Clouds and the


Exploring the Ascension for Religious Educators 

The Ascension of Jesus, commemorated on Thursday 18 May, 2023, 40 days after celebrating Jesus’ resurrection, is one of those experiences that has its own character. Celebrated at Mass last Sunday, the Ascension is one of the most important events recorded in the New Testament.
At school, I recall singing the hymn Peace I leave with you by Thomas Hastings (1897).
Peace, I leave with you, my friends!
Shalom my peace in all you do.
Peace, I leave with you, my friends.
I give to you so you can give to others too.
The divine presence
The Ascension is meaningful as it gives rise to the idea of the divine presence. The disciples experienced many astounding things with Jesus. They saw him crucified, then he came back to them. He talked to them and ate with them, then he was gone. Though, not totally gone.
In the Catechism of the Catholic Church, Jesus’ continuing presence is described as the ‘outpouring of the Holy Spirit’ (The Vatican 1993, Catechism n. 666). Recently, a young person in her first year of school captured something of this continued presence of Jesus. This student was asked about what she told Jesus in her prayer. She replied, ‘I love you, Jesus!’. For her, Jesus was a real presence.
Reflecting on the Ascension, other students were thinking about Jesus being ‘up there’, able to view the world and each of us, keep an eye on us, and look after us. These children have an idea of the divine presence in their midst.
Use of clouds in the Bible
Divine presence stories in the bible, inevitably, include clouds. I read the story of the Ascension and I see clouds, ‘as they were watching, he was lifted up, and a cloud took him out of their sight’ (Acts 1: 2).
It reminds me of the clouds in other divine presences. When Moses climbs Mount Sinai to collect the Law from God, God asks Moses to tell the people that God is in the cloud (Exodus 19: 9). It seems clear in the text that the people knew God was there, hidden in plain sight. Jesus’ story parallels those of Moses and Elijah. Jesus went up the mountain with Peter, James and John and while ‘his face [was] shining as the sun, and his garments became white as the light’ (Mt 17: 2) the voice of God came from the cloud.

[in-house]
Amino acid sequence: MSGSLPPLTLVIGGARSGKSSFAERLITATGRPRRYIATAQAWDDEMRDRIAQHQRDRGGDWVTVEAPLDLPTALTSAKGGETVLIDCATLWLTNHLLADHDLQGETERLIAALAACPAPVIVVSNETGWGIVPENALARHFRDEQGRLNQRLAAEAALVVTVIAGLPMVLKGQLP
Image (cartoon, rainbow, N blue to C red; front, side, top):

At the Ascension, the cloud is there hiding Jesus from view. For Moses’ people, God was in the cloud. To Jesus’ disciples, a voice came from the cloud. The cloud is a diverse image to work with as it hides, reveals, and contains. It is fluid, visible, and tangible. A cloud has substance, but it is not something you can control. You can see it but not contain it.
I like the way the Catechism describes Jesus’ Ascension as ‘his glory veiled under the appearance of ordinary humanity symbolised by cloud’ (The Vatican 1993, Catechism n. 645).
What is clear is that the divine presence is all around us as clouds, hidden in plain sight.
St Ignatius was bold, telling us that God is in all things, however, our world likes to differentiate; life here, religion over there. What we do every day in Catholic schools is to tap into this cloud. It gets many names; sometimes it is liturgy or classroom Religious Education, other religious events or prayer, and other times it is sitting in someone’s sorrow.
Religious Education today
Catholic Christians are sacramental. Many of us will remember being taught as young people about sacraments being the visible sign of an inner reality. That is what Religious Education and Catholic schools are about – under the veil of ordinary human experience, being able to interpret the visible signs of the extraordinary inner reality that are everywhere around us.
I was at St Michael’s School, Ashburton recently and Deacon Malcolm was reflecting on ‘sacrament’ coming from of the Greek word ‘mysterion’ (mystery). The key here was in relation to the true nature of things. Modern culture thinks it can explain everything. How much better we are with some ‘mystery’ in our lives, allowing the clouds that ‘hide’, ‘contain’ or ‘reveal’, so that the true nature of things can be presented.
Fratelli Tutti is one of Pope Francis’ contributions to the world. He talks about fraternity and social friendship as the way to build a better, more just, and peaceful world, with the contribution of all people and institutions (Francis 2020).
In the first chapter, Pope Francis acknowledges the dark clouds on the horizon. In response to that, he suggests that we be strangers on the road like the ‘Good Samaritan’. He has a vision of all people with the right to live in dignity.
The MACS 2030 strategic plan invites us, in whatever role we have, to ‘form lives to enrich the world’ (MACS 2022). Twenty centuries on from the Ascension, we are at still at the start of our journey, with much work to do.
Francis (Pope) 2020, Fratelli tutti (On Fraternity and Social Friendship), The Holy See, accessed 23 May 2023
Hastings, T 1897, ‘Peace I leave with you’, Divine Hymns, accessed 23 May 2023
Melbourne Archdiocese Catholic Schools (MACS) 2022, MACS 2030: Forming Lives to Enrich the World, MACS, East Melbourne, accessed 22 May 2023
The Vatican 1993, Catechism of The Catholic Church, The Holy See, accessed 23 May 2023